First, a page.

Worldwide Smartphone Forecast by Region, Shipments, Market Share and 5-Year CAGR (units in millions)

Source: IDC Worldwide Mobile Phone Tracker, May 28, 2014

Operating System

2014 Shipment Volumes*

2014 Market Share

2018 Shipment Volumes*

2018 Market Share

2013-2018 CAGR













Windows Phone
























* Forecast data

The above image clearly shows what IDC expects from BlackBerry in days to come. While the worldwide smartphone market is expected to witness a compounded annual growth (CAGR) of 12.3% between 2013 and 2018, BlackBerry’s market share will shrink by 25% compounded annually. In comparison to this, Microsoft (NASDAQ:MSFT) is expected to enjoy 28.1% growth, followed by Google (NASDAQ:GOOG) Android with 12% growth and Apple (NASDAQ:AAPL) with 10% growth. The only way, according to IDC, for BlackBerry to be able to survive depends upon how well the company is able to utilize, market and position its security offerings.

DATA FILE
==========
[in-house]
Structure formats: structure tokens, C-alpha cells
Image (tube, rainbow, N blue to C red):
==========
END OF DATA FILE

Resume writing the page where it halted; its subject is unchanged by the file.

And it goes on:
Chen’s Strong Belief

IDC’s not so encouraging figures were not able to discourage John Chen. He still believes strongly in the company and is more than sure about the bright future that BlackBerry has. Since the time he took the chair, John has been making a lot of changes in the company, related to its operations, its choice of offerings and management style as well. Some of these moves have already started paying off, while some are yet to show their worth.

John is well aware of all the issues that are eating up BlackBerry’s performance. The primary issue with the handset business has been in discussion for months now. While John believes he can do away with the business and still create value for the shareholders, he wants to keep the business running and add even more to the value. His recent statement clearly suggests this: